It’s no secret that students enjoy spending time on social media. Because social media has become a part of our everyday life, it’s important for educators to understand the impact it can make upon a student’s social and emotional health.
Social media has both pros and cons. One benefit to social media is more connectedness. People are able to catch up with others more often, and therefore may feel less lonely. Platforms like Facebook, Instagram, and Youtube allow users to connect quickly, conveniently, and share many aspects of their life. On the other hand, “rates of anxiety and depression in young people have increased by 70% over the past 25 years” and although more research is needed to show a causal relationship between mental health concerns and social media, students reportedly feel a majority of social media apps worsen their feelings of anxiety (Vazquez Martinez, 2018).
So how does this information impact educators and what should teachers be aware of? Below are some general suggestions for educators.
- Educators should make an effort to take into account the current challenges faced by students, even if those challenges are vastly different from their own experiences. If something appears to be insignificant from the educator’s perspective, but the student is affected by it, then educators should take the time to listen and understand.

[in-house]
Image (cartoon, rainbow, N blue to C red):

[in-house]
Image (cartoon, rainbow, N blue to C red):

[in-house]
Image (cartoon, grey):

- Be aware of changes in behavior. Oftentimes students show a change in behavior and since teachers spend many hours with their students, they may be the only person noticing these differences. The teacher can advocate on behalf of the student by speaking with the counselor, school administrators and caregivers.
- Because many students spend ample time on social networking sites, the chance for cyber bullying increases. Bullying, in any form, may have a negative impact on a student’s well being. Teachers should report all forms of bullying to administrators and follow any interventions or protocols designed by the school.
- Model and teach about healthy habits, like the importance of getting enough sleep. Students may not be well informed about topics like nutrition and exercise, so incorporate this information into your instruction, when possible.
- Adults may already be using coping strategies for managing stress and anxiety. Model any techniques that you use so that the students can replicate. For example, deep breathing techniques help to calm the mind. Model this before a test, so students can use this tool during other stressful moments.
Vazquez Martinez, J. L. (2018, May 3). #statusofmind: Social Media and Young People's Mental Health and Wellbeing. International Society of Substance Use Professionals. Retrieved June 1, 2022, from https://www.issup.net/knowledge-share/publications/2018-05/statusofmind-social-media-and-young-peoples-mental-health-and